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January 24, 2013
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Replies: 8

Prime lens zoom equivilent

:iconninjatogo:
ninjatogo Featured By Owner Jan 24, 2013  Hobbyist General Artist
Hello all,
I was recently looking to purchase my first prime lens for my DSLR, the lens I was looking at is stated to be a 50mm f1.8. I want to get it because I've heard so many great things about prime lenses, I want to use it indoors on subjects that are relatively close to me as I shoot. Using my current kit lens (18-55mm) and zooming to the 50mm range makes things, for my intended use, too large, ie. I have to step back very far.

With a prime lens, is the field of view the same as a regular zoom lens? I want this lens, but not if I have to step back 20 feet every time I want to take a photo.
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:iconninjatogo:
ninjatogo Featured By Owner Jan 24, 2013  Hobbyist General Artist
The lens I'm looking at is the cheap 50mm prime from Sony.
Well thank you everyone for your help, I think I'll go ahead and buy it now.
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:icontetchist:
Tetchist Featured By Owner Jan 24, 2013  Professional Digital Artist
"With a prime lens, is the field of view the same as a regular zoom lens?"

focal length is focal length. it doesn't change; one 50mm lens is going to be identical to another 50mm on the same camera.
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:iconrockthesky:
rockTheSky Featured By Owner Jan 24, 2013  Hobbyist Photographer
Yes, the FOV is the same for the focal lengh on a zoom as it is on a prime. The only time there is a difference in the FOV is when either lens is used on a full-frame sensor versus an APS-C crop sensor.
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:iconphotomark:
photomark Featured By Owner Jan 24, 2013  Hobbyist Photographer
50mm focal length lenses are considered normal for full frame (around the size of 35mm I think )

The smaller your sensor the less of the lens image circle you use increasing the effective focal length making a 50mm more like a telephoto.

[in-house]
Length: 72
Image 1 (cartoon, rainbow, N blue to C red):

A 50 mm prime will give you the same view as a zoom at 50mm.

Yes primes are much better than zoom lenses because they are tuned perfectly for the focal length , zoom lenses by comparison are a compromise of all focal lengths with in its range and are much more prone to various forms of distortion especially chromatic aberration, given zooms have improved a lot in the last few years but so has lens technology all over including primes.

Prime does not mean it has to be a 50mm and if it is to long for you then go for a 40mm 30mm or what ever is available for your camera.

If you want close focusing you may need to look into a macro lens.

One prime is never enough , for my 6x6 medium format I have a 40mm, 50mm, 80mm, 110mm(macro),150mm and a 500mm, there was a zoom made for this but it is very rare and not really of much use with a zoom range from 80mm to 140mm
on my 35mm I have a 24mm, 50mm and a 100mm and I never did get a zoom for that camera.
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:iconninjatogo:
ninjatogo Featured By Owner Jan 24, 2013  Hobbyist General Artist
So it will be about the same view as the zoom lens on an APS-C sensor?
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:iconhedwards:
hedwards Featured By Owner Jan 24, 2013
Right, this is where it gets a bit tricky. The angle is the only thing that changes. The DoF, focusing distance and magnification are all the same no matter what size sensor you're using.

Which is why the preferred term for it is crop factor rather than something like lens multiplier.

You'll get the same exact field of view and all the rest in either case at that 50mm length, it's just that the 50mm F1.8 is probably going to be faster. Just make sure you get a good copy, I've heard bad things about Canon's 50mm F1.8, but I've not seen any problems with it.

Nikon's is quite a bit more expensive, but that's in large part because they have a better motor on it. (Just FYI when you're wondering why Nikon users get screwed there, obviously, you don't really get a choice)
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:iconphotomark:
photomark Featured By Owner Jan 24, 2013  Hobbyist Photographer
It will be the same view as the zoom at 50 on your camera

I am not right up on digital cameras but I think the APS size sensor was rather small so any lens at 50mm will be like a telephoto

Your best bet is to take your DSLR body to your favorite camera shop and try out a few lenses and I think you may be better off with around a 20mm lens
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:iconrockthesky:
rockTheSky Featured By Owner Jan 24, 2013  Hobbyist Photographer
Yes, a 50mm on a 1.5 crop sensor is a 75mm equidistant on a full-frame sensor.
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